Earlier this month, the Senate Committee on Energy, the Environment and Natural Resources released a report examining the impact of the transition to a low-carbon economy on Canada’s buildings. According to the report, “Reducing Greenhouse Gas Emissions from Canada’s Built Environment,” Canadian buildings need to reduce greenhouse gas (GHG) emissions to meet the targets stipulated in the Paris Agreement.
Residential, commercial, and industrial buildings account for 17 per cent of Canada’s GHG emissions. Burning fossil fuels for space heating accounts for the largest share of these emissions. Policy measures identified by federal, provincial, and territorial governments could reduce 2030 emissions by nearly 20 per cent and bring it below 2015 levels.
The report highlights the many benefits and challenges of reducing GHG emissions in the building sector. Benefits include lower home heating costs and reduced impact on global climate change. Challenges include the high cost of renovations to adapt to green energy and the limited availability of low-emission energy sources for heating homes in remote and northern communities.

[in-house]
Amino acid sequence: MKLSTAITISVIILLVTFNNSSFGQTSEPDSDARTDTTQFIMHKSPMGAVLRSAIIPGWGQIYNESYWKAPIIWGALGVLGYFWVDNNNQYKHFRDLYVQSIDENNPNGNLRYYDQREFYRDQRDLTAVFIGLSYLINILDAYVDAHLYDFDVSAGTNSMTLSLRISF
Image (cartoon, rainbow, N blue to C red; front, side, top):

“Canada must rise to meet the challenge of mitigating the impact of man-made climate change,” said Sen. Rosa Galvez, chair of the committee. “This is a worthwhile goal and we are convinced making strategic and calculated choices about the carbon footprint of buildings today will leave an enduring, low-carbon heritage for future generations.”
This report is the last of five interim reports on the study of Canada’s transition to a low-carbon economy. A final report will be released later this year, summarizing the findings of all five reports with recommendations to the federal government.